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height 1446  m
location Peninsula Snaefellsnes on Iceland
Coordinates 64 ° 48 '32 "  N , 23 ° 46' 16"  W Coordinates: 64 ° 48 '32 "  N , 23 ° 46' 16"  W.
Snæfellsjökull (Iceland)
Type Stratovolcano
Last eruption around 250 AD (active)
First ascent July 1, 1753 by Bjarni Pálsson and Eggert Ólafsson
Summit of Snæfellsjökull, May 2003

Summit of Snæfellsjökull, May 2003

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The Snæfellsjökull [ 'snaiːfɛlsˌjœkʏtl˳ ] ( Icelandic for "snow mountain glacier ") is a 1446  m high stratovolcano at the western end of the Snæfellsnes peninsula in Iceland .

The mountain was originally called Snæfell or Snjófell , but to distinguish it from two other mountains with this name, the Icelandic name for glacier ( jökull ) is attached to the name. It lies in the area of ​​the municipality of Snæfellsbær .

First ascent

There were some stories from the Middle Ages about brave men who climbed the mountain. Among them is, of course, Bárður Snæfellsás , who is omnipresent in the area - however, he is not very credible as such, as the stories about him are all too suspicious of folk legends.

Later, like many others, the mountain was surrounded by superstition with a halo of mystery and danger. It took the scouts Bjarni Pálsson and Eggert Ólafsson . On July 1, 1753, they stopped on the mountain, armed and A. with a compass, thermometer and a bottle of vinegar, in case the air you breathe becomes a little too thin at this enormous altitude (1446 m). But they succeeded, and, as in the case of Hekla , they are considered to be the first to climb the mountain.

The mountain is now a very popular destination for mountaineers; several groups go up every year.

Height measurements

It has its own reason for determining the height of the volcano: For many centuries, the mountain was considered the highest mountain in Iceland. Back in 1753, Eggert and Bjarni were the first to climb, and their measurements showed the impressive height of 2154  m .

When the mountain was measured again in 1804, it was already much closer to today's measurement of 1,436 m. The exact height of the mountain could only be determined in 1910 by a Danish officer who set it at 1,446 m.


The cap of the stratovolcano is formed by a glacier that fills a small caldera with three small volcanic vents on the edge.

The volcano

The central volcano is around 700,000 years old. Overall, it has erupted around 30 to 40 times since the Ice Age around 10,000 years ago. The last known eruption took place around 1800 years ago. Most of the outbreaks were explosive. The crater with the chimneys appeared at the last eruption. The ashes of this eruption are found scattered across western Iceland. Tertiary rock strata are found in the north and east , while the south and west slopes are covered by post-glacial lavas .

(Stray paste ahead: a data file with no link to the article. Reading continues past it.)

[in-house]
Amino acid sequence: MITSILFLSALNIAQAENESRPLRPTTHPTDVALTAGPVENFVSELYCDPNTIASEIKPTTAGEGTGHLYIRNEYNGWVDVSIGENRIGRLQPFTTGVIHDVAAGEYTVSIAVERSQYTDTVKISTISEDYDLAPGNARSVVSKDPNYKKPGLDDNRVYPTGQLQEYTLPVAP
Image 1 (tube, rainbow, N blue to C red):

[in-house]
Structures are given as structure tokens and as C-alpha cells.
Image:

Snæfellsjökull volcanic system

There have also been considerable eruptions in the vicinity of the mountain, during which a large amount of lava flowed out. Most of these lava fields come from the unrest period that followed the last major eruption. There has not been an eruption here since then, but the volcano is still considered active.

The craters in the lowlands of the mountain have produced more basic rock ( basalt ), while acidic or intermediate rock (e.g. rhyolite ) is often found in the layers of the higher craters . Most of the craters are located in Snæfellsjökull National Park such as Saxhóll or Öndverðarneshólar . The Bárðarlaug near Hellnar is a crater from the last interglacial period . The Lóndrangar are the remains of a palagonite mountain that was formed in the sea.

The volcanic system of Snæfellsjökull is around 30 km long and extends from Mælifell in Staðarsveit to Öndverðarnes and perhaps even further out to sea. The central volcano itself is to the west of the system. The famous Búðahraun lava field is part of the Snæfellsjökull system. The lava flowed out of the Búðaklettur crater about 5000 to 8000 years ago .

The glacier

Snaefellsjökull from the north, from Hellissandur (July 2009)

Snaefellsjökull from the north, from Hellissandur (July 2009)

Type icecap
surface 10 km² (2008)
Altitude range 1428  m  -  637  m (2008)
Ice thickness ⌀ 30 m; Max. 90 m (2003)
Coordinates 64 ° 48 ′ 32 "  N , 23 ° 46 ′ 16"  W.

Snæfellsjökull is the only ice cap in Iceland that can be seen from Reykjavík . The glacier extends almost to the highest point of the mountain, which is an ice-free nunatak . The ice reaches furthest down at the northwest outlet glacier , the Blágilsjökull ; there the end of the glacier was in 2008 at an altitude of 637  m . In 2008, an area of ​​10 km² was determined using laser scanning ( Lidar ). In 2002 an area of ​​12.5 km² was determined using GPS- based field measurements. The area of ​​the ice cap was still 22 km² in 1910, as can be determined on the basis of maps at that time.